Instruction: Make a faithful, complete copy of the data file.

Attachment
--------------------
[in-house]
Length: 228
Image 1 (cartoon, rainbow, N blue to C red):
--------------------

[in-house]
Length: 228
Image 1 (cartoon, rainbow, N blue to C red):